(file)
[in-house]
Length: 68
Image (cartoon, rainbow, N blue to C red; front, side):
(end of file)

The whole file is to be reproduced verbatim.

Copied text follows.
[in-house]
Length: 68
Image (cartoon, rainbow, N blue to C red; front, side):